I’ve read this quote from C. S. Lewis before but came across it earlier this year when I checked out the book Invitation to the Classics from the library.  This book, edited by Louise Cowan and Os Guinness exhorts Christians to read and explore the classics of literature.  The book opens with three outstanding essays on the value of reading the classics and the Lewis quote appears in one of them.  (I returned the book so I don’t know exactly which essay it was.) 

I realized that I couldn’t remember the last classic I’d read.  (I tried to read The Brothers Karamazov a while back, but didn’t finish it.)  I then decided to make up a list of books recommended by Cowan and Guinness and read them.  I may not read one old book to every new book, or even every three books as Lewis suggested, but hopefully I’ll become more familiar with the great works of the past. 

The first one I read was Madame Bovary.  I’ll have more to say on that in a future post, but for now I’ll say it is one of the best novels I have ever read.  I’m glad I accepted the invitation. 

Monday, November 29, 2010

When You Reach Me by Rebecca Stead

I’ve always been a sucker for time travel stories, whether it’s movies like Back to the Future or the novels and stories of Connie Willis.  When I heard that Rebecca Stead’s Newberry Award winning children’s novel When You Reach Me dealt with time travel, I was curious. 

The book is set in late 1970s New York City.  Sixth-grader Miranda and her single mother live in a small apartment and dream of a better life.  Things start to look good when Miranda’s mom learns she will become a contestant on The $20,000 Pyramid.  The preparations for the game show are the backdrop for the main story about Miranda and her friends.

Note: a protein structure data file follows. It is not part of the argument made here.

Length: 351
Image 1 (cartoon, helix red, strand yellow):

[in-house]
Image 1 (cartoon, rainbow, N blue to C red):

Miranda’s favorite book is the classic time travel story A Wrinkle in Time.  She reads it over and over and soon finds herself involved in what might be time travel.  One day, Miranda receives a mysterious note that tells her, “I am coming to save your friend’s life and also my own.”   In order to do this, Miranda needs to do certain things to assist the writer.  As proof, the writer provides information about the future that no one could possibly know. 

Despite the fantastic element of the novel,  the real point is how Miranda deals with the relationships she has with several fellow sixth graders.  There are misunderstandings that eventually are resolved.  And of course, we also find out who wrote the notes. 

The novel is well paced and plotted and the writing is simple, but not simplistic.  As an adult reader, I found the characters well drawn, both the children and adults.  For Christian readers, there’s nothing too offensive except for a sub-plot about the boyfriend of Miranda’s mother who wants to move in before he gets married.  The positive messages in the novel are rather simple, mostly the benefits of close friendships with members of the same and opposite sex.  There is an element of self-sacrifice that is important to the story, but surprisingly is not given much discussion, or at least as much as it deserves.